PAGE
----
It is possible that you may be putting your health and life at unnecessary risk when you have cosmetic surgery. It's important to weigh the risks against the possible benefits.

The other major risks of cosmetic surgery are that it may not produce the changes you want and that it may produce changes that leave you even more unhappy than you were before. Additional treatment may be needed to correct the results of the initial surgery. But the results of cosmetic surgery are often irreversible.

What can you expect during recovery? Some types of cosmetic surgery are simple outpatient procedures that allow you to return to your regular activities right away. Others may require you to take days or even weeks off work. Be sure that you understand what your recovery will involve and that you are able to follow your doctor's instructions.

Overseas cosmetic surgery As we heard, a great many people have been drawn to this 'cheape' route to cosmetic proecedures via this form of health tourism - as we remind people on air - (you can hear our radio feature again via the radio player below) there can be a number of drawbacks in taking this path.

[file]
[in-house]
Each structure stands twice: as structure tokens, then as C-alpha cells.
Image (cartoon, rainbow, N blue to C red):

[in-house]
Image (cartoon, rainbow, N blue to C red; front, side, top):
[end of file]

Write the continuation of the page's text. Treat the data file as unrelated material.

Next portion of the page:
Listen to this weeks radio report

All material on this website is provided for your information only and may not be construed as medical advice or instruction. No action or inaction should be taken based solely on the contents of this information; instead, readers should consult appropriate health professionals on any matter relating to their health and well-being.